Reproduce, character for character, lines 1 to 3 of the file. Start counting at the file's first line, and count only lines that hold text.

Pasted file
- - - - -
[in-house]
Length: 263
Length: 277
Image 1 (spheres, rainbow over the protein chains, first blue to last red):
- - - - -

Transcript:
[in-house]
Length: 263
Length: 277